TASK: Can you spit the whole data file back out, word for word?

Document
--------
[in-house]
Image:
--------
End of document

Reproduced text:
[in-house]
Image: